devil's workshop.

Did something today I haven't done in a long time: cooked a complicated dinner because it felt like the only pleasant thing I was capable of doing.

Waah. My back has been hurting for a couple weeks now, but last night's sleep was foiled by not only that but a plague of additional hostile entities: silent, thirsty mosquitoes; unsilent, mysteriously motivated cats; and this wicked, throbbing shin injury that I must have picked up during Rotterdam's post-gig shenanigans.

So today I was just barely functional, but there were some projects in store for us. One positive, constructive project, and one destructive project. The positive one is pictured above in an unfinished state: new shelves in the kitchen (hopefully the first of several planned kitchen modifications). They're really more integrated than they look. If you know Mara's work, you'll agree that none of the following facts are surprising: 1) the materials used are scraps from the backyard, costing zero; 2) the entire project was finished in two hours; 3) I had nothing at all to do with it.

My contribution to the team's achievements came in the form of Complicated and Sloppy-Looking Southwestern Cooking.

In 20th-century menuspeak this would be something like Red Chile-Pesto Shrimp with Fresh-Roasted Red Peppers, Guacamole and Black Bean-Goat Cheese Huarache Quesadilla (Which You Can Almost See Underneath Everything Else) Plus Chive Oil. Etc. Today it is called Ancho Shrimp with Goat Cheese Huarache.


Really just a lot of sub-recipes: an ancho chile sauce with (subtle) cinnamon and marjoram, a basil-pine nut pesto (which was already lurking in the fridge), a black bean and roasted garlic puree, and a chive oil. And a guacamole, which I bought, and which (though expensive) is real guacamole, from De Avondmarkt.

Pesto sounds like a fusion-y bit of overkill in a Southwestern context, but it's really not: basil and pine nuts are perfect complements to the main players here...but they do work best when they don't dominate the proceedings, and when combined with the earthy notes of the darker dried chiles like ancho (not pasilla as described here earlier...in my weakened condition I'd forgotten about the West Coast predilection for calling things pasilla that ain't).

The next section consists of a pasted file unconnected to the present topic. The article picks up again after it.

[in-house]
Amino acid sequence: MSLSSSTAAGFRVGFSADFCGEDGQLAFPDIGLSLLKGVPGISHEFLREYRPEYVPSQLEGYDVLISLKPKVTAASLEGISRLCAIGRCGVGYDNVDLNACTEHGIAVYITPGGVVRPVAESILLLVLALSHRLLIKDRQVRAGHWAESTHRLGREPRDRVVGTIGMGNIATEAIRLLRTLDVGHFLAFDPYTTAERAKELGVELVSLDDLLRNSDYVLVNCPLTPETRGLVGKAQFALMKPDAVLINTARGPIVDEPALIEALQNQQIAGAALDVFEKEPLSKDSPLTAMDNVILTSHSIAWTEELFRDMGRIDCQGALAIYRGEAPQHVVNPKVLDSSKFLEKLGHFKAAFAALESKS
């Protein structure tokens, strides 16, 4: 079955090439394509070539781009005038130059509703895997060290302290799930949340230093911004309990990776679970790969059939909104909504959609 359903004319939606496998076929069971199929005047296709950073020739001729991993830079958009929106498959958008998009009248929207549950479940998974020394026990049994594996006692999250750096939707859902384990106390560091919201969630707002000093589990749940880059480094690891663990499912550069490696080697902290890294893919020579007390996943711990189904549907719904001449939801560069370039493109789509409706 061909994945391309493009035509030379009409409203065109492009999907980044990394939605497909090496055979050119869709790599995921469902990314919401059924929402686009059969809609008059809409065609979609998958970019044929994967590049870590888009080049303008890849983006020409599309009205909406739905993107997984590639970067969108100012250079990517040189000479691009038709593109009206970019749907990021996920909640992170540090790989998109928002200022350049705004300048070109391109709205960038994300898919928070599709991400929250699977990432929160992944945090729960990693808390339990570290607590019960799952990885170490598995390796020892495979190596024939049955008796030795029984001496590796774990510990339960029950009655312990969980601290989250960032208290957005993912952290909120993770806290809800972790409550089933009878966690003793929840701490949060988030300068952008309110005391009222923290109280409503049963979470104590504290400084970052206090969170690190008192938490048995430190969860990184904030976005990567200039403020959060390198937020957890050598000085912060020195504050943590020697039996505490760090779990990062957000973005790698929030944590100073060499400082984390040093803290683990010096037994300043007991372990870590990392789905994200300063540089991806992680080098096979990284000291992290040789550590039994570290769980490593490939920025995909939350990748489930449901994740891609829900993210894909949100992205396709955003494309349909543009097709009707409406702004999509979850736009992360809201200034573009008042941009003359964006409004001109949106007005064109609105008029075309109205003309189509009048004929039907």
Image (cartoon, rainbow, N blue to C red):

With that in mind, I would call this successful because it tasted simple...if I'd been served this in a restaurant I would've said "Hmmm, darn tasty, but I could cook that." And in fact I'd be totally correct, which is rare for me. Today's recipe was based on several things out of a new cookbook sent to me by my lovely parents, Richard Sandoval's Modern Mexican Cooking.

The first of these several things was a huarache, which I somehow hadn't realized had become a easily findable edible in America these days (more info here and here, still looking for a postable recipe). But: when I went to make some masa for my possible huarache, I discovered that (cue foreboding music that introduces our destructive project for the day)...

...our pantry moth problem is out of control. You can read about other unfortunate victims' tales of woe on the eGullet Pantry Moths thread, but it suffices to say that we threw out just about every dry good we had at home, with the exception of the newest shipment of chiles and Mexican herbs from Phoenix. These went into the freezer. This process of retaliation and, yes, destruction made it look like we were just moving in instead of moving someone else out...



Klary Koopmans said...

tell me more about this huarache business... i need to make them asap!!
btw the shelves look great. i hope the pantry moths will run away forever!

MEM said...

Looking for a recipe to post...have just added a couple of other photos from tastings....

thanks for the pantry moth tidings, we'll see what happens!